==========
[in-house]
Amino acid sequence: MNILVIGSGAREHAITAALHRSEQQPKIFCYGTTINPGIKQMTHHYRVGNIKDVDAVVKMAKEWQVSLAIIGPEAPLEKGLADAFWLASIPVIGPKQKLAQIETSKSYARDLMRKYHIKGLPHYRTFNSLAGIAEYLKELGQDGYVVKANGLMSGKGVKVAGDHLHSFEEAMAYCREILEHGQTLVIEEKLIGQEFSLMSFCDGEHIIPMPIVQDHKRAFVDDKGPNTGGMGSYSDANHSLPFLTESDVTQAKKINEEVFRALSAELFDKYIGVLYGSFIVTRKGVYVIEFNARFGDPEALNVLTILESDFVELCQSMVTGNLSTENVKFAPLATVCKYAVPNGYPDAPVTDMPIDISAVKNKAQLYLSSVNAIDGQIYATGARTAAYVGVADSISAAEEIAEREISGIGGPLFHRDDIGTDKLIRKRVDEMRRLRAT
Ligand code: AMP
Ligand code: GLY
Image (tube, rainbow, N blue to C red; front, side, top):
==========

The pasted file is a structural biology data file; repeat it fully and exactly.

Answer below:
[in-house]
Amino acid sequence: MNILVIGSGAREHAITAALHRSEQQPKIFCYGTTINPGIKQMTHHYRVGNIKDVDAVVKMAKEWQVSLAIIGPEAPLEKGLADAFWLASIPVIGPKQKLAQIETSKSYARDLMRKYHIKGLPHYRTFNSLAGIAEYLKELGQDGYVVKANGLMSGKGVKVAGDHLHSFEEAMAYCREILEHGQTLVIEEKLIGQEFSLMSFCDGEHIIPMPIVQDHKRAFVDDKGPNTGGMGSYSDANHSLPFLTESDVTQAKKINEEVFRALSAELFDKYIGVLYGSFIVTRKGVYVIEFNARFGDPEALNVLTILESDFVELCQSMVTGNLSTENVKFAPLATVCKYAVPNGYPDAPVTDMPIDISAVKNKAQLYLSSVNAIDGQIYATGARTAAYVGVADSISAAEEIAEREISGIGGPLFHRDDIGTDKLIRKRVDEMRRLRAT
Ligand code: AMP
Ligand code: GLY
Image (tube, rainbow, N blue to C red; front, side, top):